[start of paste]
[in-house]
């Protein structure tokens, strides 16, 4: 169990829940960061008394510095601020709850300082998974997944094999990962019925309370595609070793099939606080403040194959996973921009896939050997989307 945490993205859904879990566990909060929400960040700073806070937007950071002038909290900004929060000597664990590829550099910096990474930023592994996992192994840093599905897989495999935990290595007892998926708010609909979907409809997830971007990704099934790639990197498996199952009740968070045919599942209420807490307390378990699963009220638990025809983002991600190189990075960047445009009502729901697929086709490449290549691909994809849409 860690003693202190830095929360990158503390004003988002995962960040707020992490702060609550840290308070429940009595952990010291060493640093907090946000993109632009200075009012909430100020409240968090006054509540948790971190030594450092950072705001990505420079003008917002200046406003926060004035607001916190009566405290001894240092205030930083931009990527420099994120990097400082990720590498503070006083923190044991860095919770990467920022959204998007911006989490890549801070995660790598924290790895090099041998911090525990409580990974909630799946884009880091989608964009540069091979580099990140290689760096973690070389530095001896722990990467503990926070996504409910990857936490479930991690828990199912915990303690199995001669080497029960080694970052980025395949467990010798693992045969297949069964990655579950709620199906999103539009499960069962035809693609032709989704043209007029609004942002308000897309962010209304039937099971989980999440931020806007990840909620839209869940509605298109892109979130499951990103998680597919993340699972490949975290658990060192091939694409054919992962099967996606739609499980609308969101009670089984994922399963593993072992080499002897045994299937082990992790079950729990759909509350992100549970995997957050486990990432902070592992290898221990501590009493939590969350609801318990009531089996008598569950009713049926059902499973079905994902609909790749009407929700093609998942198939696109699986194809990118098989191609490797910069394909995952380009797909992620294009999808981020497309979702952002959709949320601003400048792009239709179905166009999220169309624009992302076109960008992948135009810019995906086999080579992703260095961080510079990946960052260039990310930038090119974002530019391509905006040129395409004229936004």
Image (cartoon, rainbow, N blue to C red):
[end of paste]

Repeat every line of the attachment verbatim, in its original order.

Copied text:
[in-house]
């Protein structure tokens, strides 16, 4: 169990829940960061008394510095601020709850300082998974997944094999990962019925309370595609070793099939606080403040194959996973921009896939050997989307 945490993205859904879990566990909060929400960040700073806070937007950071002038909290900004929060000597664990590829550099910096990474930023592994996992192994840093599905897989495999935990290595007892998926708010609909979907409809997830971007990704099934790639990197498996199952009740968070045919599942209420807490307390378990699963009220638990025809983002991600190189990075960047445009009502729901697929086709490449290549691909994809849409 860690003693202190830095929360990158503390004003988002995962960040707020992490702060609550840290308070429940009595952990010291060493640093907090946000993109632009200075009012909430100020409240968090006054509540948790971190030594450092950072705001990505420079003008917002200046406003926060004035607001916190009566405290001894240092205030930083931009990527420099994120990097400082990720590498503070006083923190044991860095919770990467920022959204998007911006989490890549801070995660790598924290790895090099041998911090525990409580990974909630799946884009880091989608964009540069091979580099990140290689760096973690070389530095001896722990990467503990926070996504409910990857936490479930991690828990199912915990303690199995001669080497029960080694970052980025395949467990010798693992045969297949069964990655579950709620199906999103539009499960069962035809693609032709989704043209007029609004942002308000897309962010209304039937099971989980999440931020806007990840909620839209869940509605298109892109979130499951990103998680597919993340699972490949975290658990060192091939694409054919992962099967996606739609499980609308969101009670089984994922399963593993072992080499002897045994299937082990992790079950729990759909509350992100549970995997957050486990990432902070592992290898221990501590009493939590969350609801318990009531089996008598569950009713049926059902499973079905994902609909790749009407929700093609998942198939696109699986194809990118098989191609490797910069394909995952380009797909992620294009999808981020497309979702952002959709949320601003400048792009239709179905166009999220169309624009992302076109960008992948135009810019995906086999080579992703260095961080510079990946960052260039990310930038090119974002530019391509905006040129395409004229936004």
Image (cartoon, rainbow, N blue to C red):